Opioid and cannabis abuse are above global averages in West and Central Africa, while cocaine trafficking through the region is financing militant violence in the Sahel, the United Nations said in a report on Monday.
Growing instability in West Africa, a transit route for illegal drugs on their way from South America to Europe, has facilitated drug production and trafficking, generating revenue for armed groups, said the U.N. Office of Drugs and Crime (UNODC).
Drugs have also become a public health problem within West and Central Africa, with 9.7% of people aged between 15 and 64 having consumed cannabis in 2020, compared with 3.8% worldwide, the agency said in a report.
Opioids, particularly tramadol, had been abused by 2.4% of the same population sample, compared with 1.2% worldwide. Drug abuse was mostly a problem among men under the age of 35.
Slow recovery from the coronavirus pandemic, the Sahel's spiralling humanitarian crisis and the impact of the war in Ukraine could exacerbate drug taking and trafficking if governments did not respond to warning signs, the agency said.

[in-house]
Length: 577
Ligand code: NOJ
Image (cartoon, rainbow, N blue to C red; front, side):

Although 90% of cocaine is seized on maritime routes, significant amounts have also been intercepted in Niger, Burkina Faso and Mali since 2021.
Those countries' borderlands are a hotspot of violent jihadist activity, some linked to al Qaeda and Islamic State, that has gained momentum and ground over the past decade.
The violence has killed thousands of civilians and displaced millions across the region, raising frustrations that stoked a 2020 military coup in Mali and another in Burkina Faso this year.
Cocaine trafficking intercepted in coastal countries south of the Sahel, mainly Guinea-Bissau, Gambia and Ivory Cost, often also has financial links to conflict zones, the agency said.
At least 57 tonnes of cocaine were seized in or en route to West Africa between 2019 and 2022, according to the UNODC, more than a third of which was found in Cape Verde.
The findings were part of the UNODC's 2022 World Drug Report presented in Ivory Coast on Monday.